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Introducing "Harvesting the Heavens"


Good golly I'm excited to be announcing this today!  It has been such a long time in coming, but finally here we are.  Here I am, a happy little home-owner, sharing the news that as of the last week in June (nearly three months ago! Really?), we are now officially harvesting rainwater.  Woot woot!! 

To top this off, South Australia - 'the driest state in the driest inhabited continent on Earth' - has just had one of the wettest Winters on record!  And then match that with the craziest of early Spring downpours where last week, over a twenty-four hour period, we received more than 100mm of rain!!!  That's nearly the average for a whole month during the depths of a wet wet Winter and this was just one day, and a Spring day at that!  There was flooding everywhere, including our cellar... eeek!  With my gumboots on, I waded down into that cellar to investigate only to learn that the water was not coming in through a leak in the walls or the ventilation grid, but it was ground water.  The earth was so saturated the rain could no longer penetrate and soak into the ground and so above the surface it sat until over the following few days it drained away.  I need to do a little clean up down there and hopefully a few heatwaves over the Summer and maybe a fan to circulate the air should dry it out again.  I'm also thinking some hessian bags filled with peat could soak up some wetness and then I can use it in the garden afterwards.  Although if I'm honest, it's the original cellar for this 136 year old home and so that typical damp mustiness is just part of the territory. 


The reason for all this rain talk is that in the two and a half months since those rainwater tanks of ours were installed and officially plumbed, they are now at CAPACITY!  Unbelievable!!  They were each sitting at about half full at the end of last month (end of Winter) and with that rain last week I witnessed the overflow pipe running!  Apparently there is more rain coming over the next couple of weeks so I'll have to attached some flexible temporary piping to channel anymore overflow to where I need it most but right now, there really is nowhere that actually needs it.  That's quite a rare thing to be able to say and I am thrilled that this dry dry corner of the world is entering into our warmest and most searing months with full reservoirs, hydrated earth and for us in our own backyard, two 10,000 litres of rainwater with which we can nourish our garden over the Summer.  Thank you Mother Nature, I am ever so grateful!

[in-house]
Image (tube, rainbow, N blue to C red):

So finally, without any further adieu, I bring you the newest page under the Creating heading...

Harvesting the Heavens

Enjoy friends, click through for a read and have a great week ahead xo


The Craft Sessions 2016

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Today it's all about the photos!  There's plenty here but you may notice a few gaps from the weekend - I'll tell you why in a sec. 

When I went to The Craft Sessions last year I chose two full day workshops, both exploring skills I was interested in and keen to try, but had not yet done so.  They were dyeing with Australian native plants and textile collage.  I loved them both but this year I decided to get a little more practical with my preferences.  It was possibly the only way I was going to narrow down the delicious smorgasbord of workshops on offer!  I very nearly put spoon carving and ceramics down for my first choices and I most certainly did add them to the preference list, but this time I really wanted to practise areas that I am more likely to truly use in my everyday crafting life.